Kusaal: basic phrases and interesting facts

Kusaal: basic phrases and interesting facts

Kusaal or Gur is a language used in communication mainly on the North of Ghana. An average of 400000 people use this language which is named after the people from Kusasi. It is the Kusasi people who are in plenty in the area where Kusaal language is spoken. This area falls in between the Red Volta, the Gambaga escarpment, and stretches all the way to the national borders between Ghana and Burkina Faso and Togo. Both Togo and Burkina Faso have areas where the Kusasi people live. Kusaal language has close similarities with the Mampruli language.

Image: facebook.com, @Access Ghana
Source: UGC

It is easy for anyone to learn Kusaal language, commonly referred to as lingua Kursaal. Aside from the fact that Kusaal dictionary exists, there is also the reality that Kusaal language is fairly easy to understand. You, however, have to be committed to the learning process for you to learn quickly. This language has all the qualities of the Western Oti–Volta low-level grouping within Gur. This makes it easy to understand by most Ghanaians, and people from Burkina Faso. It is also important to note that Kusaal is Mabia branch of the Niger-Congo language family. The Kusaasi people are the majority settlers of the far northeast of Ghana.

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Who are the Kusaasi people?

Kusaasi poeple speak a Gur language and are found in the southern part of Burkina Faso and northern part of Ghana. These people have a kingdom called the Kusaug kingdom or Kusasi kingdom, which is situated in the upper east area of Ghana. This kingdom stretches across a number of districts that include, Pusiga district, Bawku municipal, Binduri district, Garu district, Tempane district, and Bawku west district. The capital or the main office of this kingdom is located in Bawku where the paramountcy is also situated.

People from Kusasi are generally happy. They have Samanpiid Festival, which they celebrate so as to give their gratitude to God for great harvest during the farming season. The first celebration of this nature was held in 1987, and ever since these people have kept the tradition going.

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Kusaal basic phrases

In 1995, only 250,000 people spoke Kusaal. This number has, however, increased greatly over the years. A few publications have been brought forth other than the Bible translation that exists. As of 1990, very few people had learned and successfully managed to communicate in fluent Kusaal. This language is not used in the official systems of education. It is, however, used by the people from Kusaal as their daily language of communication where people of all ages can understand and express themselves well. Other than this, the Bisa people use Kusaal as a language Franca, especially those situated in the villages and in Bwaku.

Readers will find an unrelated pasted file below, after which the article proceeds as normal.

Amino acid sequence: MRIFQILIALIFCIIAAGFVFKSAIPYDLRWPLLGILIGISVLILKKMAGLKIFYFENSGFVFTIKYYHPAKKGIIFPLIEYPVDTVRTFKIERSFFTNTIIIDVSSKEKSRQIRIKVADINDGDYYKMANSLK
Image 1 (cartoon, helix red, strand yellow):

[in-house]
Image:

There is no specific dialect for the Kusaal language. Each village has a distinct twist to how they speak this language. However, for Toende Kusaal and Agolle, there is a big separation.

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Here are some of the basic Kusaal phrases:

  • Ò dɩ̀gɩ̀ nɛ̄ - She is lying down.
  • Ò mɔ̀r bʋ́ŋ - She has a donkey.
  • Ò gī̀m - She is short.
  • Ò à nɛ̄ bī̄ig - He is a child.
  • Fʋ̀ bɔ̂ɔd bɔ́? - What do you want?
  • Bɔ́ kà fʋ̀ n̆yɛ̄tá - What can you see?
  • ɛ̀n̆dɩ̀g - unplug.
  • ɛ̄n̆rɩ̄g - shift along.
  • Mɔ̄d - swell.
  • Mɔ̄r - have.
  • Yàad - graves.
  • Yāar - scatter.
  • M gos buug la - I have looked at the goat.
  • M gosid buug la - I look at the goat.
  • Píélím - whiteness.
  • Pílím - brightness.
  • Gᴐ́l - height.
  • wáˈálím - height.
  • Pᴐ́ᴐ́dím - smallness.
  • Bʋ́gʋ́sʋ́m - weakness.
  • Sʋ́ˈʋ́m - goodness.
  • Gɛ́ɛnmis - madness.
  • Gɛ̀ɛ̀lís - weakness.
  • Tᴐ̀ᴐ̀g - bitterness.
  • Tʋ́ʋ́lʋ́g - heat.

Kusaal interesting facts

Image: facebook.com, @Access Ghana
Source: UGC
  • The Kusaal people often live in an open Savanna land that has scattered trees.
  • A lot of Kusaal people are farmers and cultivate their widely scattered compounds.
  • The Mossi and Fulɓe keep cattle. The rest of the Kusaal's also keep it, but not that much.
  • The Kusaal people have no rainy season with rains lasting the better part of the second half of the year.
  • These people plant different varieties of millet and a little bit of rice.
  • The Kusaasi are organized in clans that have taboos. They do not use their clan name as their surname. Some of these taboos include not eating a specific animal. They also have their own cults. However, these clans do not have an administrative function.
  • The religious leader in an area is known as the tɛ̀ŋ-dāan. He is supposed to be a direct descendant of the first settler, also known as oikist.
  • The dominating political structure for the Kusaai before the colonial times was Mossi-Dagomba states.
  • The Kusaasi also believe in God whom they call upon using proverbs and greetings. However, their God is not in worship and prayer. One proverb that shows gratitude to God says: Eat with God, don't talk with God. There is also another proverb that warns against doing evil. It states: God sees and is silent.

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The Kusaal people are interesting people. They have a fully functioning structure that has gotten them to where they are right now. At the centre of it all is the language that they use when communicating. A language that has grown to become a Lingua Franca to their neighbours and other ethnic groups living with the Kusaal. You can also learn a thing or two about their language here and become part of the Kusaal.

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Source: YEN.com.gh

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